Yau C et al. In preparation

                   Detection of alterations
Detecting chromosomal alterations in cancer cell line
    and tumor samples.
      The intra-tumor heterogeneity model (red)
          indicates that approximately 50% of cell
          contain a different breakpoint location to
          the others whereas this feature is missed
          entirely by the stromal contamination only
          model (black)

      The near-triploid status of the cell line HT29 is
         correctly identified and copy number
         estimates are correctly derived even
         though the Log R Ratios are centered on
         zero for the copy number 3 state.

      The       two heterogeneous deletions are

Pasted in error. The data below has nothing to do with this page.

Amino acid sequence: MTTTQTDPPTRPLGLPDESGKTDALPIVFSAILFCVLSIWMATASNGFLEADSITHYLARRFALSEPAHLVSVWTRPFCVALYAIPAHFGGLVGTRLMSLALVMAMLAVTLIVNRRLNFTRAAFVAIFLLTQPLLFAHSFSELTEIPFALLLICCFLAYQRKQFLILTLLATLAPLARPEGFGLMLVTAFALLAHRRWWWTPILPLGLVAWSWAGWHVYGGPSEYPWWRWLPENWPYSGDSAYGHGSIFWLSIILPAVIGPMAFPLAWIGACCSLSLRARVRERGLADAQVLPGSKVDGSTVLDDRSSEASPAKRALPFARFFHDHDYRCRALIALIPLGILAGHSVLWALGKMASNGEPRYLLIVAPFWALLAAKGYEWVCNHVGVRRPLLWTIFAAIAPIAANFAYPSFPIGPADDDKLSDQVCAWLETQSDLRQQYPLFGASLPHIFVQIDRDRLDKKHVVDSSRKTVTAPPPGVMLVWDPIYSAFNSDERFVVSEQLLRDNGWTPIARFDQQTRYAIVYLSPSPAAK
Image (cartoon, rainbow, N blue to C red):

separated by an unaltered region,
            however, there is still good agreement
            between the mixing proportion estimates       Identification of DNA copy number changes and loss-of-
                                                          heterozygosity events in heterogeneous tumor samples: a
            given by the intra-tumor heterogeneity and
                                                          Bayesian Mixtures of Genotypes approach on SNP array data
            stromal-only models. This suggests we do
                                                          Yau C et al. In preparation
            not pay too severely when assuming
            independent mixing proportions in the
            intra-tumor heterogeneity model.                                                              56
                                     Recurrent events
 Overview of all genetic aberrations found with SNP
    array in 45 adult and adolescent ALL cases.
    Minimally involved regions are shown to the
    right of each chromosome.

 For each type of aberration, each line represents a
     different case.
         –     Blue lines are regions of uniparental disomy,